At age 21, Greg Oden was the kind of big man NBA teams are clamoring four now — a beast on the boards and protecting the rim who also could get you a fair amount of points.
At age 25, he has barely set foot on the court since then. He’s had three microfacture and seven knee surgeries overall.
All the Miami Heat are hoping for is a shadow of that former player, a guy who can give them 15 minutes a night by the end of the season and some run in the playoffs when they run into teams with big front lines (potentially Brooklyn and Indiana, for example).
“Really, for me, I’m happy being on the court and playing and getting back into the thick of basketball,” he said at a promotional appearance at the offices of Shelling Orthodontics and Maye Pediatric Dentistry, an event which also served as a fundraiser for the Udonis HaslemChildren’s Foundation.
“I bang a little bit, still taking it slow. I’m taking steps. So I do a little bit, do a little bit of up and down, but we’re not trying to wear out the knee. We’re trying to make sure I can do a little bit and the next day I can do something, too.”
The Heat and their fans get it — it isn’t about November. Miami’s talent level is going to win then a whole lot of games and get them a high seed (teams just can’t really prepare for LeBron James and Dwyane Wade in the regular season).
If we get closer to the All-Star Game and there is no Oden, then it’s a concern. Miami could really use him in the playoffs (when teams do have time to really prepare for the Heat).
“I was there, when he had The Decision,” Mitchell explained. “So that would probably be the biggest one.”
Like, there there?
“It was in Greenwich, Conn., and I went to school in Greenwich [at Greenwich Country Day School],” he said. “So, as a big LeBron fan in the sixth grade, I forced my mom to let me go. I wanted him to go to Miami. I wanted him to get his first ring.”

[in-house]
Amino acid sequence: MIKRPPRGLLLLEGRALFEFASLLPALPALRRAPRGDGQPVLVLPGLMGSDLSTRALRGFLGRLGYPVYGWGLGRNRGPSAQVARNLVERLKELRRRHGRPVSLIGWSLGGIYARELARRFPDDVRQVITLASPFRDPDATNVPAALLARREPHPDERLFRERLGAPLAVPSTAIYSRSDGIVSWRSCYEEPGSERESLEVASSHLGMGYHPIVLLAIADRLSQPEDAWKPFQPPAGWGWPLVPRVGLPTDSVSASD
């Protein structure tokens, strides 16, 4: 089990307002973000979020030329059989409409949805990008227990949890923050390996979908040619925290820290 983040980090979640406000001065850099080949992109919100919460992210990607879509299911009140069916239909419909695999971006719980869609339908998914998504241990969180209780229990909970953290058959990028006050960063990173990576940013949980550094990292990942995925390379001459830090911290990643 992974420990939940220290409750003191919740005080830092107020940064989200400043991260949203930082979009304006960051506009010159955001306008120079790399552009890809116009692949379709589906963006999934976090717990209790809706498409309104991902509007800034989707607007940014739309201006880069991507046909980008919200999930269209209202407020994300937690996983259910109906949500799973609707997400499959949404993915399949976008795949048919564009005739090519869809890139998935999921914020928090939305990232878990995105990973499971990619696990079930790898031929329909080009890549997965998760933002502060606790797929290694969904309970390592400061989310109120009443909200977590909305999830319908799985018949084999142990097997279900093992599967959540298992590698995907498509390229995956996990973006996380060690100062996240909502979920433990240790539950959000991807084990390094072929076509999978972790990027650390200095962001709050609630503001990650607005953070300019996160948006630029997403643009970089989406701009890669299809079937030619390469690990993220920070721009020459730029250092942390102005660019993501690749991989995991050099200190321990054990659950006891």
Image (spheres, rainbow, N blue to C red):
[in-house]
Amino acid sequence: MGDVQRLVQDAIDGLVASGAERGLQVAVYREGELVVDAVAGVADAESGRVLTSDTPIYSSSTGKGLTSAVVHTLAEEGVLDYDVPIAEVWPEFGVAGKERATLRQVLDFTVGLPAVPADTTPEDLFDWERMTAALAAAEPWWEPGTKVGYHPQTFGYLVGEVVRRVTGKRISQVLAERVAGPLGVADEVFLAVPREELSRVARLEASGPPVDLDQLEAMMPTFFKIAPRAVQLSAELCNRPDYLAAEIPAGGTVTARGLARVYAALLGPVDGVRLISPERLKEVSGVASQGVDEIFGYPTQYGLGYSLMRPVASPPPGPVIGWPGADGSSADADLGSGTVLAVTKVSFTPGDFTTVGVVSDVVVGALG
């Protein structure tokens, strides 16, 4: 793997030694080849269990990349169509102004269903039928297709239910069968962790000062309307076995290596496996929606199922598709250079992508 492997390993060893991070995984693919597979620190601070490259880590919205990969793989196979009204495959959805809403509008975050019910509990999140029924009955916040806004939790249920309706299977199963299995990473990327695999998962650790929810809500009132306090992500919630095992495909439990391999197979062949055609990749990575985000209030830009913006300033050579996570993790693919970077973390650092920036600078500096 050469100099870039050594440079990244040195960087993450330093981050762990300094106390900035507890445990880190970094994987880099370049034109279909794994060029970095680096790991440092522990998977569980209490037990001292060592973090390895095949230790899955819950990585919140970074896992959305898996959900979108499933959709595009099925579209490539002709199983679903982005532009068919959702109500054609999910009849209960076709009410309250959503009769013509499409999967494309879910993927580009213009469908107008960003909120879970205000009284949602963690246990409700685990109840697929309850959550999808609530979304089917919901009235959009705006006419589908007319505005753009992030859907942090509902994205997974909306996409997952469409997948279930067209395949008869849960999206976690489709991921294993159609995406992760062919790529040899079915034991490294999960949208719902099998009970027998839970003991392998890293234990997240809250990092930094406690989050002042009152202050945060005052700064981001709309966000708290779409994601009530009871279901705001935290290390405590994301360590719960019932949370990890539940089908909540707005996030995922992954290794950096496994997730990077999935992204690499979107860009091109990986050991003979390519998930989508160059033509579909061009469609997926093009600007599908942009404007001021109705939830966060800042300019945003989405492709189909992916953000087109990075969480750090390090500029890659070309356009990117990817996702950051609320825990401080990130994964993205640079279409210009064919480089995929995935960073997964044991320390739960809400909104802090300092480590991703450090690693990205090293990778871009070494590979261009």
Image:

Young Donovan was glad to see one of his favorite players chart a course for a more successful future. Not everybody at the Greenwich Boys & Girls Club shared his enthusiasm.
“The people there who were Knicks fans … they weren’t too happy about it,” Mitchell said. “I almost got hit in the head with a Snapple bottle because they were just throwing stuff around outside. It was cool. I was just celebrating, so it was pretty cool.”
What a cool bit of happenstance.
Damian Lillard’s goal in meeting with Trail Blazers owner Paul Allen: ‘Spark that urgency’
Lillard, in an interview with Rachel Nichols of ESPN:
It was just me showing urgency, spark that urgency, figure out, “OK, what do we have to do?” We’re a five, six seed. What do we got to do to make the jump? If you don’t have a line of communication with people who can make the changes or the people who can make impact for things happening for the better, then you’re just going out there playing.
IT WAS DECEMBER 2016 when Archibald learned of his diagnosis, during a free screening at the New York offices of the NBPA. And now, more than a year later, he’s still reeling from the news.
“What I have is really rare,” he says. “There’s no pills, nothing they have found that works. I’m being tested all the time, just hoping, you know?
“My [heart] could go any minute. But I’m not ready for that. I want to be around for a long time.”
The medical community has had little success solving the riddle of amyloidosis. For those who suffer from it, aside from participating in clinical trials, or the possibility of a heart transplant, which at Archibald’s age may not be viable, there isn’t much that can be done.
We celebrated Archibald’s 69th birthday last fall with this highlight video. If you’re not familiar with the 6-foot-1 guard’s exciting game, get acquainted:
Hopefully, Archibald gets his wish and sticks around a long time.